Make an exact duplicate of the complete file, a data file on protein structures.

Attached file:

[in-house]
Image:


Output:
[in-house]
Image: